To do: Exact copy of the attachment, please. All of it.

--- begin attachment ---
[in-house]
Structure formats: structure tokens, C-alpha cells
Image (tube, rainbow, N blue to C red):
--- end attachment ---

[in-house]
Structure formats: structure tokens, C-alpha cells
Image (tube, rainbow, N blue to C red):